Henry Kissinger: A people’s obituary from Bangladesh

RASHMEE ROSHAN LALL December 1, 2023

Photo: US Department of State. Public Domain

The day news broke that Henry Kissinger was dead social media started to be flooded with photos from Bangladesh. One sticks out particularly in my memory. It was of a young woman, who lived in the West, along with her grandmother, who lived in Dhaka. My grandma lived, despite Kissinger, and now she’s survived him, the young woman wrote, or words to that effect.

It was a people’s obituary of a sort for Kissinger, a particularly bitter one. Its extraordinary power perhaps lies in the fact that Bangladesh’s foreign minister soon enough, also expressed criticism of the man who’s described as one of America’s most powerful secretaries of state.

The minister, A K Abdul Momen, lamented that Kissinger supported the Pakistani military regime during the 1971 war.

By many accounts, that was a relatively mild summing up of what actually happened in the then East Pakistan.

In 1971, Pakistan’s US-backed military was waging a bloody war in the territory now known as Bangladesh. Both Kissinger and his boss, President Richard Nixon, ignored appeals from the US American consulate in East Pakistan to stop the massacre. However, weapons, including fighter jets, continued to be shipped to Pakistan, in what some might say is reminiscent of Israel’s now-resumed cruel and unequal military operations against the civilians of Gaza.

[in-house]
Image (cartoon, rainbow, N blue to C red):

Many say that history’s verdict on Kissinger may be less glowing than some of the encomiums that have poured forth on his death at a 100 years of age. That young woman and her grandmother in the Bangladeshi capital have already provided a version of how the man who once fled for his life from a genocidal regime seemed to think little about the terrors visited on so many by his value-free decisions.

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